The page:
Put a figure on it: how much your business should be investing in CSR
Credit: Corporate Social Responsibility CSR and Sustainability Responsible Office CSR Tablet with blank black screen and coffee cup
It would be easy to think that corporate social responsibility is just for government, non-profit organisations and big businesses. But whether you’re large or small, every business leader can make a positive impact.
There’s a variety of benefits, beyond just giving back, to getting your business involved; corporate social responsibility (CSR) can be a source of opportunity, innovation, and differentiation to your competitors. However, with so many different initiatives out there, it can be difficult to know where to begin.
Here are just a few steps to ensure you find the right cause for your business:
1. Let your values guide you
For those new to CSR, there are four main categories:
Environmental sustainability initiatives – businesses work to eliminate processes that damage the environment, for example going paper-less.
Direct philanthropic giving – the donation of time, money or resources to charities and organisations at the local, national or international level.
Ethical business practices – provide fair labour practices for employees such as equal pay for equal work and living wage compensation initiatives.
Economic responsibility – balancing economic decisions while considering the overall effects on society, for example streamlining manufacturing to use less resources.
Before jumping into implementation, it’s important to choose initiatives that resonate with your mission, values and staff. For example, is your business environmentally conscience, or, do you have ties to the local community? Let your employee passions guide your chosen cause – remember you can always vote on and change it annually.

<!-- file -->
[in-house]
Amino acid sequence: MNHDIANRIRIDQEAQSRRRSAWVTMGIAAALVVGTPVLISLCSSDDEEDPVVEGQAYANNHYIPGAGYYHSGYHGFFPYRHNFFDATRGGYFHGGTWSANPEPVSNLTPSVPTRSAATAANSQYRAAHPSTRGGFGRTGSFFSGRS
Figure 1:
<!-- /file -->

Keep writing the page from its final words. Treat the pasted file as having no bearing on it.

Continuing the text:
Choosing a cause that aligns with your business and employee values can have a positive impact workplace happiness and staff retention. CSR is also an effective way to highlight your business culture to potential employees.
2. Align your resources
Now that the chosen initiative has been confirmed, consider the resources (both employee time and available budget) that you can dedicate to this activity. Most small businesses don’t have access to the capital required to back a large donation-based cause. So, consider something volunteer based. For example, you could participate in a soup kitchen like Fare Share, or get involved in large scale budget friendly initiatives like Sleep at the G.
3. Start small
Once you’ve decided on your activity, implementation can begin. Appoint someone in your organisation to lead the initiative to ensure it stays high on the business agenda. It could be something small like coordinating everyone’s availability for volunteering days or collecting donations for your chosen charity.
Once the program is complete, ensure the CSR leader shares updates through internal communications and social media content. This is an effective way to keep internal and external stakeholders informed.
Corporate social responsibility is a positive sign of your organisation’s social awareness. It not only shows that you are making a difference, but that your business cares about more than just the bottom line.
So, get out there and start helping!
Mike Covey, Vice President and Managing Director, Henry Schein ANZ